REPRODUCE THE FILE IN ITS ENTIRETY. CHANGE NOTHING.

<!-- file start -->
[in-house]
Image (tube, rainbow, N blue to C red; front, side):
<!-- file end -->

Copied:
[in-house]
Image (tube, rainbow, N blue to C red; front, side):